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Volume 13, Number 1 


Fall 1996 


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EFFECTIVE MODELS FOR MEASURING STUDENTS' ATTITUDES TOWARD 

THE MARKETING EDUCATION PROGRAM 

Maria K. Hatzios 

Vocational and Technical Education 
Virginia Tech 


Abstract 

The author used two attitude-measuring models in compare the attributes of the marketing 
education program, tangible or symbolic, in terms of their relative importance to students' 
attitudes toward the program. The data were analyzed by using multiple regression. The findings 
are that students' attitudes are more closely related to the program’s tangible attributes than to the 
symbolic attributes. However, the relationship to the symbolic attributes, although secondary, is 
significant. The findings should facilitate in developing a promotional campaign which will 
incorporate and emphasize the significantly important tangible and symbolic attributes of the 
program. The findings also demonstrate the effectiveness of the models to measure student 
attitudes in any vocational area. 

The purpose of this study was to identify how students feel about particular attributes of a vocational 
program. Based on the findings, educators strengthen or modify the program for better results. Thus, 
research-based information can assist vocational educators to develop more appropriate promotional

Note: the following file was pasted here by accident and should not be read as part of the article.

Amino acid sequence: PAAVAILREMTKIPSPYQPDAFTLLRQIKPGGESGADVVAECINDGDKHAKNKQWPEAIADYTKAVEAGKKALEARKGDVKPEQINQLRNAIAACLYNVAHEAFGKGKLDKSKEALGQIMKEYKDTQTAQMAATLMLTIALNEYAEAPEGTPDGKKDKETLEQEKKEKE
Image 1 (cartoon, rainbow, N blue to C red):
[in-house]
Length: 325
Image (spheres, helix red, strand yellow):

packages that will adequately inform students and attract them into appropriate vocational programs. The use 
of effective models to measure students' attitudes toward tangible and symbolic program attributes can 
provide researchers with sound research results that teachers and other educational leaders can easily 














implement. 


Research can identify and assist in resolving problems in vocational education programs, such as declining 
enrollments. In Virginia, marketing education enrollments have been declining (Hatzios & Heath-Camp, 
1991). In the past 15 years, low enrollments in marketing education have been a serious problem nationally 
(Burrow, 1985; Ely, 1984 ). Even though national enrollments have taken a turn upward in recent years 
(Hatzios & Heath-Camp, 1991), with the anticipated growth in total student numbers in the educational 
system (U. S. Department of Labor, 1992), there is a need to continue program growth in marketing across